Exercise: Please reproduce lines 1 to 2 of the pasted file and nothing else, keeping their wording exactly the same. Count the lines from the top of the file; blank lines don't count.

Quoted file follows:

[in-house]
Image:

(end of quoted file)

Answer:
[in-house]
Image: